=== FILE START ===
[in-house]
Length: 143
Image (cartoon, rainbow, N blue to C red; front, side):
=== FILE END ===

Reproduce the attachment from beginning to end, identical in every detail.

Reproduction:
[in-house]
Length: 143
Image (cartoon, rainbow, N blue to C red; front, side):